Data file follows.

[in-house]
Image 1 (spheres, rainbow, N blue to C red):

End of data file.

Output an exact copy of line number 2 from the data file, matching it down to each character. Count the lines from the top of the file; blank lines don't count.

Image 1 (spheres, rainbow, N blue to C red):